Curiosity is a complex thing, it drives innovation, progress, and learning. However, there are many different factors that make us feel curious and cause us to naturally devour information, some of which help us calm down, and others that disturb our calm and set us up in search of excitement.
There are two main types of curiosity, viz. perceptual and cognitive curiosity, Psychologist Laura Maria Kojokaru says.
On the one hand, perceptual curiosity It’s the kind of curiosity we get when we need to calm our minds. When we are curious to know who did or said what, how a certain thing is done, how the movie ends, who is the author of a crime in a novel, etc. It does not offer any tangible reward, but it is about solving problems and eliminating knowledge gaps. It is closely related to anxiety and stress.
on the other side, cognitive curiosity It comes from a place of desire, not a place of need. This is the kind of curiosity that has driven and continues to drive inventors and scientists to do great work. It is often associated with the expectation of reward, which does not necessarily imply financial gain. Thrill seeking is also a kind of cognitive curiosity.
How do we cultivate our curiosity?
There are some simple activities that help us spark our curiosity and thus increase our creativity:
- ask questions: Randomly ask yourself “Why? How? When you are reading something or talking to friends. You can even write down some of these questions to give yourself time to find the answers later.
- Read outside your domain: Choose the type of book you will never buy. Is it classic poetry? Is it fictional? cooking book? Something about geology? Read it just to read it.
- Be curious about people: Pick someone from your circle you haven’t seen in a while and invite them over for coffee. Your goal is to learn as much as possible about his interests. Follow this approach every time you meet someone new.
- Practice speaking less: This is related to the previous. Try to talk less and listen more.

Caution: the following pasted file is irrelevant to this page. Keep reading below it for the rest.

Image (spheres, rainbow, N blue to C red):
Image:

- deepen the topic: Select a topic that you find interesting and push the boundaries of your curiosity. This means reading lots of articles, books, research papers, and listening to podcasts.
- Writes: Take it to the next level by writing something exactly about it – curiosity.
- Keep a notebook: It will be easier for you to remember topics that you are curious about and want to research or write about later.
- Get to know yourself: Curiosity doesn’t have to be just external. Explore your feelings, ask yourself about your goals and behaviors, or even research your past and family history.
- Slower: Productivity can be the enemy of creativity. Take time to let your mind wander and let new questions and ideas come to mind.
In today’s world, if we have curiosity, we can enrich our lives and knowledge. Pursuing our passion pays off in the short and long term. Whether we are exploring our curiosity through social events or by studying biology, philosophy, psychology, ecology, etc., it is essential to remember that different approaches work for different people. The psychologist says that it is not just as important as discovering new information, but also what each of us does with the discovered information.
The science behind curiosity
What happens in our brains when we are curious? Why do our inquisitive minds have an unbearable need to learn new things?
Curiosity is a natural human instinct that starts from the day we are born. By about age three, most children enter the stage of asking questions like, “Why is the sky blue?” Or the classic “How do you have children?”.
Curiosity is a key component of our cognitive functioning, even if it sometimes leads to awkward conversations!
Why are we curious? How does curiosity “work” in the brain? If there’s one thing that piques our curiosity the most, it’s a complex topic shrouded in mystery…for now!
One way to begin exploring curiosity is to understand “information seeking”. This behavior can be observed throughout the animal kingdom. “Information seeking” means that each animal seeks information about its environment. This is so that they know how to survive (essentially or kind).
In fact, this is why sense organs exist – to provide the brain with information that helps us know ourselves, understand our environment, and make better choices.
“But when is seeking information tantamount to curiosity? The difference is in motivation. If we are seeking knowledge because of an extrinsic motive, such as college or work, then it is not considered curiosity. But if we seek knowledge because we have intrinsic motivation – because we only want to know the answer. – This is curiosity. When something sparks our curiosity – an interesting fact or an unexpected noise – our brains go into what is called a “curiosity state”.
Certain parts of the brain that are sensitive to unpleasant conditions light up. This shows that we feel somewhat uncomfortable because we realize that we lack some knowledge. Then the parts of the brain responsible for learning and memory get involved so that we can learn and remember what we have learned more effectively.
At this point, we’re ready to start looking for answers. And when we start learning new facts in our curiosity, something more interesting happens than our improved memory: Our reward circuit begins,” says psychologist Laura Maria Kojokaru.